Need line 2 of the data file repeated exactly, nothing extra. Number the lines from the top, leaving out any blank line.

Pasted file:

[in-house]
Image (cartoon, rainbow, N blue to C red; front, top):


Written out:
Image (cartoon, rainbow, N blue to C red; front, top):